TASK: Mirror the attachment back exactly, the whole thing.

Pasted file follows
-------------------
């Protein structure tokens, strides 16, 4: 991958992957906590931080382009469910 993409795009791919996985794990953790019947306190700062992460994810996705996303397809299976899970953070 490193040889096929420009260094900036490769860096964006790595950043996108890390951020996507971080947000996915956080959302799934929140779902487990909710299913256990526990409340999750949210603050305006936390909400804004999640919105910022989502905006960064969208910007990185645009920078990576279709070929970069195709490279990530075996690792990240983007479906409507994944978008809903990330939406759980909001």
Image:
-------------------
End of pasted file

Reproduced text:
């Protein structure tokens, strides 16, 4: 991958992957906590931080382009469910 993409795009791919996985794990953790019947306190700062992460994810996705996303397809299976899970953070 490193040889096929420009260094900036490769860096964006790595950043996108890390951020996507971080947000996915956080959302799934929140779902487990909710299913256990526990409340999750949210603050305006936390909400804004999640919105910022989502905006960064969208910007990185645009920078990576279709070929970069195709490279990530075996690792990240983007479906409507994944978008809903990330939406759980909001």
Image: